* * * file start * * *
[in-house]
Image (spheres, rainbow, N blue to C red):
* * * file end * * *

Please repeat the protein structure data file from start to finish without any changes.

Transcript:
[in-house]
Image (spheres, rainbow, N blue to C red):